Coverage in the press has mainly focussed on his attack on the objectification of women in “Lads Mags”, notably Nuts and Zoo. He was condemnatory, but it was interesting that he condemned without threatening action: the most he proposed was to “ask those who make profits out of revelling in, or encouraging, selfish irresponsibility among young men what they think they're doing.” (IPC and EMap must be quaking in their boots!) This is a shame, because this was not the most interesting or important part of the speech, but it seems that near-naked ladies on the covers of magazines, even when they are merely the subject of Tory criticism, are more interesting to journalists than school pupils graduating without any valuable qualifications.
Gove speech was another step in the attempt by the Conservatives to paint themselves as a modern, progressive party (indeed, as the modern, progressive party). He began with a (rather tired) discussion of “Ubuntu”, a Bantu word which, broadly translated, means "I am because you are". Bill Clinton famously used it a lot (notably in his speech to the Labour Party conference) and it was consequently a bit of a buzz-word in 2006, but I surprised Gove dragged it up again in 2008. However, it provided an opportunity for him to discuss Social Capital and the role of the voluntary sector and community politics. “One of the most profound, but under-appreciated, changes that David Cameron has brought to Conservative politics is a determination to put the strengthening of relationships at the heart of policy,” he explained.
Gove went on the criticise the Government’s depletion of social capital; its closure of post offices and GP practices because of a focus upon a “narrow cost efficiency over enriching personal intimacy”; the excessive regulation that has stifled “autonomous institutions which help bind communities together”. This is all startling stuff from a Tory, and shows how far they are prepared to go to distance themselves from the Thatcher era. It was summed up in one sentence of Gove’s that must have required the most enormous amount of gall: “for Gordon Brown, there really is no such thing as society - only the individual and the State.” So now it is Brown who is the heir to the hated Thatcher (hence, perhaps, that rumoured state funeral!) and the Tories who are committed to the “cause of social justice and the drive to make opportunity more equal”.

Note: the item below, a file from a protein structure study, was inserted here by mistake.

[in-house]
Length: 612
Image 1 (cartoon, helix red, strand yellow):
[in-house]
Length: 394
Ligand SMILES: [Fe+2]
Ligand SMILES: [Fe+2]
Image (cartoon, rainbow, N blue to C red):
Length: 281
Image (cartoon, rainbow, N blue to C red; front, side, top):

Under Labour there is really only one relationship which matters. The relationship between the individual and the state.
The Labour conception of society is a thin, and impoverished, one in which there appear to be only two primary centres of decision-making, the central state organises and the individual is expected to respond appropriately.
Individuals are assessed by the State as economic units in need of upskilling, taxing, monitoring or redeploying as appropriate - according to priorities set, and policed, centrally.
And then, while the audience were reeling from that act of repositioning, Gove reached out and deftly plucked a key plank of Liberal Democrat policy:
I’m not sure how new this is for the Conservative Party, but it is certainly very familiar to Liberal Democrats. Nick Clegg made this a key platform of his leadership campaign in Autumn 2007, reiterated it in his 2008 New Year message and in June wrote an article for the Guardian all about it.
There is one specific intervention, however, the central State will make which is different from now, and which goes to the heart of one aspect of David Cameron's thinking on relationships which has been under-appreciated.